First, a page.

Not far past Burlington, the defendant stopped the car, got out, and came around to the passenger side where he attempted to pull the victim from the car, saying she should get out so they could “fuck for a minute.”   She began crying, apologized for yelling, and asked him not do anything to her.   The defendant agreed to take her home, saying, “If you don't trust me, here, I will give you my wallet so you can trust me.”   The victim took the wallet.   After driving for about an hour, the victim saw signs for Concord and Boston.   At this point the defendant said, “I could really kill you if I wanted to and nobody would know.”   He then pulled the car to the side of the road in a wooded area, got out, put a dark plastic bag on the back windows,2 and said, “All right.   Let's go.   Let's go.”   The victim began to cry and again begged to be brought home.   The defendant demanded to  know if she was ready, and said that he could kill her, that she would never see her family again, and that he could put her in a bag and throw her in the woods and nobody would know.   Still crying, the victim eventually got into the back seat of the defendant's car, saying:  “You can do whatever you want, but you know for sure, we both know that you are really raping me.”   The defendant removed the victim's pants and underwear, then penetrated her vaginally from behind with his penis, turned her over, climbed on top of her and twice inserted his penis into her vagina, and once entered her vagina with his fingers.   The victim testified that “finally, it just came to a point where I didn't care if he was going to kill me.   I didn't care what he was going to do to me.”   She screamed and struggled, until he stopped.   As she put on her clothes he said he was “sorry” and that “he really [did]n't want to do this.”   She asked to go home and, following her directions, the defendant drove the victim to Lynn without incident, stopping once on the way to permit her to use a bathroom.3  Not wanting the defendant to know where she lived, the victim directed the defendant to her boyfriend's house, where he dropped her off at about 5:30 a.m. The victim told her boyfriend what had happened to her and asked him not to tell anyone.   It was not until later that day, when a friend convinced her to report the incident to police and drove her to the Lynn police station, that she reported the crimes.   She was taken to a hospital, where tests using a rape kit were performed.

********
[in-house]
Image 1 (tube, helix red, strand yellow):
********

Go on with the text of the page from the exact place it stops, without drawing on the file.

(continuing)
2. Discussion. The defense was consent.   The defendant filed a written motion in limine before trial, pursuant to G.L. c. 233, § 21B, the rape-shield statute, seeking to introduce evidence that the victim had engaged in sexual intercourse with her boyfriend a few hours after arriving at his home.4  The judge deferred ruling on the motion;  during the trial she sustained the  Commonwealth's objection to defense counsel's renewed request, made during questioning of the victim.   Because the defendant objected at trial, we review to determine whether the judge abused her discretion and, if so, whether this resulted in prejudice to the defendant.   See Commonwealth v. DeJesus, 44 Mass.App.Ct. 349, 352, 691 N.E.2d 234 (1998);  Commonwealth v. Best, 50 Mass.App.Ct. 722, 726, 740 N.E.2d 1065 (2001).